Pubdate: Sat, 10 Oct 2015
Source: Los Angeles Times (CA)
Copyright: 2015 Los Angeles Times
Author: Patrick McGreevy


Brown Creates a Regulatory System That Later Could Be Adapted for 
Widespread Use.

SACRAMENTO - Nearly two decades after Californians legalized 
marijuana for medical use and a year before they may approve it for 
recreational purposes, Gov. Jerry Brown has imposed statewide rules 
on the growth, transport and sale of the drug.

Signing a trio of related bills Friday, the governor created a 
regulatory system for medical cannabis that could be adapted for 
widespread use if voters make it legal by passing a 2016 ballot initiative.

Marijuana advocates have proposed at least five measures for the 
ballot, and several groups are working to find one they believe will 
most appeal to voters.

The governor worked out the new regulations with lawmakers after 
several years of failed attempts by the Legislature to adopt rules 
that address conflicting concerns of law enforcement and the 
billion-dollar marijuana industry. "This new structure will make sure 
patients have access to medical marijuana, while ensuring a robust 
tracking system," Brown wrote in his signing message. "This sends a 
clear and certain signal to our federal counterparts that California 
is implementing robust controls not only on paper, but in practice."

He noted that some of the standards, including the licensing system, 
don't take effect until Jan. 1, 2018. But, he said, "state agencies 
will begin working immediately with experts and stakeholders on 
crafting clear guidelines, so local government, law enforcement, 
businesses, patients and health providers can prepare and adapt to 
the new regulated system."

An estimated 1,250 medical marijuana dispensaries are operating in 
the state, with sales of about $1.3 billion, according to industry groups.

"Gov. Brown and his colleagues in the Legislature have just given the 
green light to let California's cannabis industry become the 
thriving, taxpaying, job-creating industry it was always destined to 
become," said Nate Bradley, executive director of the California 
Cannabis Industry Assn., which welcomed regulation.

The new laws create a state Bureau of Medical Marijuana Regulation to 
issue and revoke licenses for the cultivation, storage and sale of 
cannabis and collect fees to pay for the agency's work.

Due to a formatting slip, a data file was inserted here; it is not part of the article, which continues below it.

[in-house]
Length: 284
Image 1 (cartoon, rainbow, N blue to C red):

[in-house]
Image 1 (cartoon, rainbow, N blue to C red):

Cities and counties will also have the power to issue and revoke 
local permits, adopt tougher restrictions on dispensary operations 
and ask voters to approve taxes on marijuana growers and dispensaries 
to pay for local public safety expenses.

Currently, some cities and counties have ordinances allowing them to 
license and limit the number of dispensaries. The new laws preserve 
the ability of Los Angeles to prosecute businesses that violate rules 
set by voters in 2013.

The new state bureau, to operate within the administration's 
Department of Consumer Affairs, will convene an advisory committee to 
develop standards and regulation aimed at protecting patients.

Some $10 million has been set aside to fund implementation of the new 
laws for the first year. But the hiring of staff, development of new 
regulations and issuing of licenses will probably take longer, 
according to Russ Heimerich, a spokesman for the Department of 
Consumer Affairs.

The state departments of Public Health and Food and Agriculture will 
enforce rules on the quality of marijuana and growing practices.

The new laws designate marijuana as an agricultural product, subject 
to the same regulations on insecticide and water use as other crops. 
That will address the negative environmental impact of illegal 
growing operations, said state Sen. Mike McGuire (D-Healdsburg), 
author of one of the bills.

Brown said he was directing his Natural Resources Agency to identify 
projects to begin restoration of land damaged by marijuana growing.

He hailed California's "new path for responsible marijuana 
cultivation" but added, "The damage to our ecosystem is occurring today."

California voters legalized medical cannabis in 1996 when they passed 
the Compassionate Use Act. A proliferation of pot shops has since 
been regulated by a patchwork of city and county ordinances that ban 
them from some areas and allow a significant number in others.

Although federal law makes the sale of even medical marijuana a 
crime, the U.S. Department of Justice issued a memorandum in 2013 
saying prosecution should focus on the most serious threats.

That memo put pressure on California to adopt strong regulations, 
because it indicated that states with such rules would be less likely 
to see prosecutions of medical marijuana license holders.

The new rules were also welcomed by growers, including Ata Gonzalez, 
chief executive of G FarmaLabs, who is a cultivator and distributor 
to more than 600 dispensaries in California.

Gonzalez recently bought land in Desert Hot Springs for a processing 
plant and indoor growing.

The new rules will require him to alter his operations, but Gonzalez 
said he would adjust.

"Personally, I don't believe anyone will ever be 100% happy with the 
way these regulations were going to be written, but I have to tell 
you, [our firm] appreciates this well-thought-out set of guidelines," 
Gonzalez said, predicting "a good and positive outcome."
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MAP posted-by: Jay Bergstrom